We all feel sad and down sometimes – maybe things don’t go our way, we get hurt, or we lose someone close to us – and children are no different.

But having depression is more than just being sad. Depression affects the way we think, and how we see ourselves and our future. Along with feeling sad or irritable, it may seem that nothing is worthwhile and that things will never get better.

Depression can stop kids enjoying the things they normally like doing, or taking part in their usual activities.

Signs of depression in children

Children often find it difficult to explain how they’re feeling, especially if they’re experiencing depression. However, there are a few key signs and symptoms to look out for – particularly if they happen together over several weeks and are out of character for your child.

Children with depression may:

  • have low energy and be difficult to motivate
  • lose interest easily in an activity they usually enjoy
  • have difficulty listening and concentrating on tasks
  • make negative comments about themselves
  • withdraw from social situations, not want to spend time with friends
  • look for what’s wrong rather than see the positives in situations
  • be very difficult to please
  • be irritable, agitated, easily annoyed or upset
  • seem sad and cry easily and be difficult to soothe
  • either have no interest in food or overeat
  • have problems going to sleep or staying asleep, waking early, or sleeping a lot

Because the symptoms of depression are often characterised by negative behaviour such as irritability or whining, it’s easy to feel annoyed and to blame or punish the child for their behaviour. This can result in other signs of depression being missed.

Other things to look out for

Depression affects children’s thinking as well as their mood and behaviour. They may think they’re worthless or that things will never get better. Some kids also have thoughts of suicide.

If your child talks about taking their own life or hurting themselves, it’s important to take this very seriously. Kids sometimes use this as a way of describing their distress rather than an intention to harm themselves – either way, they need urgent support.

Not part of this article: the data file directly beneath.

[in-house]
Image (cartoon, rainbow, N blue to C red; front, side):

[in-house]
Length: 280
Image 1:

What you can do to help

If you’ve noticed that a child you care about doesn’t seem themselves, the first step is to talk about what’s going on and how they’re feeling. If they reply with a ‘dunno’, suggest some feeling words and see if any hit the mark with them.

Let your child know that it’s OK to ask for help and that you’re ready to listen to whatever they want to say. If they’re distressed about a particular situation, you can help them to solve the problem or find ways yourself to improve the situation.

You could also try doing something fun, getting outside and doing some exercise, or doing something special together. 

Provide time and space to talk

Make time and space for your child to talk to you – this works best when you can be unhurried and uninterrupted. Kids often find it easier to talk when they’re doing something with you. Ordinary activities like playing with you at home, going on a shopping trip, or going for a long drive might help them to open up.

Listen openly, without judgement

You’re trying to create a space where your child can talk to you about anything, so being judgemental or cutting in too soon to offer advice is a sure fire way of shutting this down. Let your child have whatever emotion they need to express what’s on their mind. Listening carefully and asking questions before responding helps to show your child you understand them. 

Revisit the problem

When the child shares a problem or negative experience, gently ask whether there might be another explanation for things happening the way they did.  Try to help them see that it’s not as awful as they might think, and work on some problem-solving strategies together. 

Keep a focus on normal routines and activities

When a child is experiencing depression, their thinking can get clouded by lots of negatives. The more they dwell on problems and issues, the bigger these become. Activities and everyday routines can help distract kids from negative thinking patterns.

Get social

Spending time with friends can help to reduce unhappy feelings – it helps to know you’re liked and appreciated. Friends are also a great distraction and can suggest better ways of thinking about situations. If your child seems reluctant to spend time with friends, help them start small – an hour playing with a friend, or suggest a fun activity that doesn’t require too much talking, like throwing a ball or watching a movie.

Keep active and have fun

Blow off some steam and bust stress with some physical activity. Find something your child likes to do – from throwing a Frisbee to roller blading; playing catch to rock climbing.
Seeking professional support

If your child’s change of mood is very severe or goes on for a few weeks without improving, it’s time to do something about it. Don’t leave it and assume things will get better on their own. Seeking help early for your child is the best thing you can do.

Find out about support options for children
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Get immediate support

If you’re concerned that your child might hurt themselves, it’s important to act immediately. Call your doctor, mental health crisis service, or go with them to your local hospital’s emergency department. In an emergency, call triple zero (000).

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